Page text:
An intensive year-long community planning process to assist the electric utilities in coming up with five-year energy plans for Oahu, the Big Island and Maui County needs more time, some members of the planning committee say.

They say that after working months analyzing complicated clean energy scenarios and strategies to reduce electricity rates, Hawaiian Electric Co. hasn’t given them a chance to review or comment on the final plans, which must be submitted to Hawaii’s Public Utilities Commission by June 28.

“The point is, that this is a process where the advisory group is supposed to be giving meaningful input and for various reasons that has completely gone out the window,” said Isaac Moriwake, an attorney at Honolulu-based Earthjustice.

Moriwake, along with nine other members of the 68-member advisory group, sent a letter to PUC Chair Hermina Morita this week asking that HECO’s deadline for submitting its energy plans be extended by four months to make sure that members have time to provide feedback.

HECO spokeswoman Lynne Unemori said that the utility will follow the guidance of the PUC. A prior request to extend the deadline was rejected by commissioners. And Unemori noted that Morita had already informed the advisory group that it will be given the opportunity to provide input after June 28.

But Moriwake and his faction worry that won’t be enough and meaningful input will be difficult.

“Upon the June 28 filing, the process will necessarily shift from a more collaborative posture, to the more adversarial procedural posture dictated by commission rules,” the group wrote.

Representatives from Blue Planet Foundation, the Hawaii Solar Energy Association, I Aloha Molokai, The Kohala Center, Life of the Land and Ulupono Initiative also signed the letter to the PUC.

The full advisory group, which was put in place by state regulators, also included government officials, community advocates and business leaders. It’s not clear why others didn’t sign the letter.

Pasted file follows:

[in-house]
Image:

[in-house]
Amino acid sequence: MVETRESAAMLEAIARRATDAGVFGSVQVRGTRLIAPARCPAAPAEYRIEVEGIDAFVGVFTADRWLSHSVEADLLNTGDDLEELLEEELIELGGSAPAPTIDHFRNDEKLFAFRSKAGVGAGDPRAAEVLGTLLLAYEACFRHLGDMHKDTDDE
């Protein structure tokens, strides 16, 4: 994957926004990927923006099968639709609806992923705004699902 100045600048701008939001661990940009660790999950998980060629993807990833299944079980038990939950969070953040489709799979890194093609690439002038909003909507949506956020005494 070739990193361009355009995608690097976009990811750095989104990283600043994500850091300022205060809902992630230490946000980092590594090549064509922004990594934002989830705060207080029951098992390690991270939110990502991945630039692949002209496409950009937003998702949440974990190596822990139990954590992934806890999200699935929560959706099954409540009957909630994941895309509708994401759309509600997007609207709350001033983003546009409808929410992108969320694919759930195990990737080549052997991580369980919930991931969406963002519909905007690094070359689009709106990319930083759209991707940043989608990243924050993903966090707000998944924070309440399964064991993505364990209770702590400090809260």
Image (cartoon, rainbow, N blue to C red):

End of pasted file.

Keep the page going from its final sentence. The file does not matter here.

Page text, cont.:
HECO officials met with the advisory group on May 30 to review their energy plans. But Moriwake and others say that the presentation — which amounted to about 50 slides — was inadequate and provided little detail about the utility’s plans.

“We are guessing as to what is going to be in there,” said advisory group member, Warren Bollmeier.

They say the presentation was similar to what HECO provided at a meeting held on Oahu on Wednesday, convened to allow the community to ask questions and comment on the final draft plan.

HECO’s outline was contained on a single page and included an overview of the company’s intentions to lower customer bills and convert to renewable energy.

“That’s not an action plan,” said Bollmeier. “That’s not even an outline. All they gave you here is the goals.”

HECO has held similar meetings on the Big Island and Maui and will be giving presentations on Molokai and Lanai later this month.

Members of the advisory group say the process has been cumbersome from the start. With an unwieldy 68 people, the group has had to dive into complicated technical and financial information related to running an electric utility and incorporating various renewable energy sources into the electric grids.
Still, members of the advisory group hoped that this planning process would go much better than in the past, when after months of meetings, long-term energy plans would sit with the PUC and never be implemented. The PUC made changes to the process this time around, including appointing an independent overseer to help guide the process.

This was also the first energy-planning process since the Hawaii Clean Energy Initiative was signed in 2008. The initiative requires the electric utility to switch to 40 percent renewable energy and reduce electricity consumption by 30 percent by 2030.

“It was just a lot of accumulated expectations,” said Moriwake. “And so far we are headed for a colossal disappointment.”

“The utilities have been working hard and they have a big job to do, but at the end of the day the advisory group and the public don’t have a real opportunity to review the analysis.”

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